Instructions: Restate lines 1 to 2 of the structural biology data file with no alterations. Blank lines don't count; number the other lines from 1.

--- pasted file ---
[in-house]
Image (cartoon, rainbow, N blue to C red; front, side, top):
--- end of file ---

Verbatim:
[in-house]
Image (cartoon, rainbow, N blue to C red; front, side, top):